Last Thursday, the Kenya army in conjunction with the General Service Unit and anti-narcotics/drugs department conducted an operation on a ship that was suspected to carry drugs and arms at the Kenyan coast.
This followed a tip from the intelligence service which had conducted credible prior surveillance on the ship that had been suspected to ship arms, ammunition, and drugs.
As earlier forecast, the Norwegian-flagged ship earlier intercepted has been found to transport unspecified amount of weapons that are being held by the security agents. Intercepted drugs at the port are also being tested to determine which exact type they are.
Intelligence also shows that the port of Mombasa is used as the transit point for hard drugs and ammunition and illegal ivory trade.
Over time, the port of Mombasa has been used as the transit point for hard drugs and ammunition and illegal ivory trade by global players in the illegal industry.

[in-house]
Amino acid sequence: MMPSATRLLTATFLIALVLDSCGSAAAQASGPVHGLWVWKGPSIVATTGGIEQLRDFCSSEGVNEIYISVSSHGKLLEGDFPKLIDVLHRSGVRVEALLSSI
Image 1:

Among other occurrences, Kenyan police in July seized 341.7 kg of heroin hidden in the diesel tank of a ship, the biggest single seizure of drugs at Mombasa. And last November, an Australian Navy warship patrolling Indian Ocean waters seized heroin worth $158 million. Another Australian warship raided a dhow with 1,023 kg of heroin on board near Kenya in April 2014.
The transported drugs and ammunition have been found to quickly sieve into the population of Kenya’s coastal region thus spiking the incidences of crime and terror related activities. Nearly 60% of drug money, arms, and ammunition have been found to be traded in Mombasa.
Kenya’s border and maritime surveillance has however increased the capability to pre-empt the illegal transportation of drugs, arms and ammunition.